Securely delete files with secure-delete

Jack Wallen
Aug 26, 2010
Updated • Dec 28, 2012

There are times when you need to delete a file...REALLY need to delete a file. Anyone who has been in the business of PCs long enough knows that when you simply delete a file it can be recovered. If someone is clever enough, and has the means, they could recover a file that had been written over even by re-installing an OS over the original file.

So...when you know you have to get rid of a file, so that it can never be recovered, what do you do? Well, in Linux you have a number of options. One of those options is secure-delete. This tool is quite handy in that it can securely remove files, folders, and even securely clean free space on your drive. In this article I am going to show you how to install and use secure-delete.


Installation of secure-delete is easy. Since this tool is a command-line only tool, I will show you how to install it from the command line. Here are the steps.

  1. Open up a terminal window.
  2. Issue the command sudo apt-get install secure-delete.
  3. Type your sudo password (that's your user password, in case you weren't aware) and hit Enter.
  4. Allow the installation to complete.

You now have secure-delete installed on your machine and ready to start trashing those files and folders.

Deleting a file

Let's say you have a file in your home directory (~/) called secret_stuff.txt. To delete this with secure-delete you would use the srm command (secure remove). To do that you would issue the command like so:

srm ~/secret_stuff.txt

That file is now VERY gone. Don't expect the removal of he file to be as fast as it would with the rm command. Why does it take longer? When you issue the srm command on a file, secure-delete does the following:

  1. 1 Pass with 0xff.
  2. 5 Random passes.
  3. 27 Passes with special values defined by Peter Gutmann (a leading cryptographer).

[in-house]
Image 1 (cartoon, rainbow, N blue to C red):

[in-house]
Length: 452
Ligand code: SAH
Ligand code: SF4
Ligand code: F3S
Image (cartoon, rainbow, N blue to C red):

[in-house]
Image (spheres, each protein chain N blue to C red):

4. Rename the file to random value.
  5. Truncate the new file.

Between each pass the file is also opened by O_SYNC mode and then an fsync() call is made.

Deleting a folder

Deleting a folder is as simple as deleting a file. Let's say you have the folder ~/secret_stuff that needs to be deleted for good. To do this with srm you would use the -r (recursive) switch like so:

srm -r ~/secret_stuff

Depending upon the size and the amount of the directory contents, the deletion will take some time.

Clearing free space

If you have installed and re-installed OSes on your computer, you could very easily have residual files remaining in the free space of your current installation. You can ensure that space is free of any traces of files or folders with the command sfill. There are two things about this command you need to know: You have to have admin rights (so you have to use sudo) and you have to know the mount point of the free space. This command is very slow, so make sure you give it plenty of time to run. Let's say you have a drive attached to your machine that has been used a number of times and is mounted to /media/external. To completely clean out  the free space on this drive you would issue the command:

sudo sfill /media/external

After some time the free space on that particular drive would be completely free of any trace of directories or files.

Final thoughts

Using the secure-delete tools is a sure-fire way to permanently and irrevocably remove data from a drive. This tool is so powerful even forensics teams would have trouble extracting data from the drive. Just make sure you use this tool with caution, so you do not securely delete files you actually want to keep!


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  1. FL said on August 26, 2010 at 11:35 pm

    You can use Bleachbit, which also has a function to securely erase (overwrite) individual files and those inside a folder/directory.

    Portable version:
    and of course:

    I am not a fan if the cryptic command line techniques, impractical and too complex to remember and therefore unusable. I have found it handy to be able to have a secure-delete function accessible by highlighting the specific file and doing a mouse right click and hey presto it be gone.

    An example:
    Tools to delete files securely in ubuntu Linux

    1. Abe said on August 31, 2019 at 6:59 am

      Not a fan of cryptic command line techniques? Maybe linux distros aren’t right for you!

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